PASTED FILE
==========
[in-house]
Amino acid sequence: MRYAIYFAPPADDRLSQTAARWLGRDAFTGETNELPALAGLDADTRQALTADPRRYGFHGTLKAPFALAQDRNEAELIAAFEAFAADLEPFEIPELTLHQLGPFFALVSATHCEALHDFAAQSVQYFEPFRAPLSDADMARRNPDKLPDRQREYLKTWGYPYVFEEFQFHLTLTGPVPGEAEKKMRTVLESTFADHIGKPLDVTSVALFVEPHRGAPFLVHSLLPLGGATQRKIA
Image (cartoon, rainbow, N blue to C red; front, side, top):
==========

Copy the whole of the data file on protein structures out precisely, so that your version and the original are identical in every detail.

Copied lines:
[in-house]
Amino acid sequence: MRYAIYFAPPADDRLSQTAARWLGRDAFTGETNELPALAGLDADTRQALTADPRRYGFHGTLKAPFALAQDRNEAELIAAFEAFAADLEPFEIPELTLHQLGPFFALVSATHCEALHDFAAQSVQYFEPFRAPLSDADMARRNPDKLPDRQREYLKTWGYPYVFEEFQFHLTLTGPVPGEAEKKMRTVLESTFADHIGKPLDVTSVALFVEPHRGAPFLVHSLLPLGGATQRKIA
Image (cartoon, rainbow, N blue to C red; front, side, top):